Guest Column | December 18, 2013

2014: The Year Of The Cloud

By Ray Emirzian, Vice President of Operations & Product Management, docSTAR

I often wonder if each year will feel as if we have reached the peak of technological advancement. How could we possibly squeeze more technology into our everyday lives? From the 55-inch smart TV on the wall to the smart phone in your pocket, we have grown increasingly dependent on our connection to the cloud. If these trends hold true, 2014 will bring even more cloud technology to our personal lives as well as our businesses.

According to, more and more companies are starting to weigh their options for cloud-based CRM systems. Cloud computing will account for 45 percent of all IT spending by 2016 in the form of cloud-related platforms and applications and nearly half of large enterprises will have cloud deployments by the end of 2017.

Companies are switching to enterprise cloud applications to save time and money. Cloud-based systems improve computer operating speeds leading to a more productive workforce, and the extra storage space increases the lifespan of the computer. It will also free up members of your IT team who spend most of their time managing, maintaining, and troubleshooting hardware. Often cloud computing providers offer management services, allowing companies to offload those tasks, freeing up the IT team for more vital important projects that take a higher priority or add additional value to your business' bottom line.

Cloud applications have the flexibility to ramp capacity up and down to match business demands. These services are typically offered by the month or based on consumption of resources. This is perfect for industries that are subject to boom times during their normal business cycle or for a new company that is unsure of the speed of their growth.

Many data centers are running out of space and companies are paying a fortune to expand and upgrade their equipment. By implementing new mission-critical technologies within cloud applications, companies can upgrade their aging infrastructure with minimal upfront expense.

Data storage also includes paper storage. The vast majority of enterprise documents still exist on paper and need to be digitized for practical use and storage. With cloud-based document management software paper documents can be scanned and uploaded to the cloud, eliminating hardware cost, additional storage expense and making the documents easily available at any time.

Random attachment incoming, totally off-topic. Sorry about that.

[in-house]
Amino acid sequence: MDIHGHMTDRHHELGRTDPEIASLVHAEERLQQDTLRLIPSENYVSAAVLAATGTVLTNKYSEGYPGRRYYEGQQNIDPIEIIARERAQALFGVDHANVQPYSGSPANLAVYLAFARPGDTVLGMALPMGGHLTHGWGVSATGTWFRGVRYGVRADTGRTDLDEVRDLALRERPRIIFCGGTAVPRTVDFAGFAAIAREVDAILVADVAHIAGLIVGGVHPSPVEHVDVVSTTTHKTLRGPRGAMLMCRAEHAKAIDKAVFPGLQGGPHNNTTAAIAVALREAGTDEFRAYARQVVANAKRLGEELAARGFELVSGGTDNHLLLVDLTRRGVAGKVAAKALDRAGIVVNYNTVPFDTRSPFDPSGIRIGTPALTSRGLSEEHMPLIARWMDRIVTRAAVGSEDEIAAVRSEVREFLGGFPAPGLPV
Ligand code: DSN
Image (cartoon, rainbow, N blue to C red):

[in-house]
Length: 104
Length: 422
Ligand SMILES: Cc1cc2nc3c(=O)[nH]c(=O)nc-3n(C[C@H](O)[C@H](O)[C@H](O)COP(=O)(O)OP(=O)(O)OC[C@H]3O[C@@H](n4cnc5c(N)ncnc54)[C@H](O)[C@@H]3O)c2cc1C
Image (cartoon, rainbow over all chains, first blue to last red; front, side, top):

In the past year businesses also saw a move towards remote working environments with more employees working from home or traveling to meet clients. In order to support this new trend, access to data needs to be available from anywhere. With the cloud, employees can access data from any web-enabled device at any time as long as they have corporate enabled provision to do so. Similarly, team members, vendors, and partners can collaborate on projects in real-time, which can improve productivity and keep remote employees engaged.

2014 is right around the corner — the next peak of the digital age. When assessing your IT spending for next year, be sure to consider the cloud. It just may be the technology that vaults your business ahead of the competition.


Ray Emirzian is Vice President of Operations & Product Management at docSTAR, a B2B software firm specializing in cloud document management software and business process automation. He has more than two decades of experience in business process analysis, business process automation, and business consultation working with industry-leading organizations including NCR, Canon USA, and AuthentiDate Holding Corporation. Emirzian offers innovative perspectives on streamlining business for improved efficiency and productivity with emphasis on Accounts Payable Solutions. You can follow Ray Emirzian and the docSTAR team on Twitter @docSTARsoftware.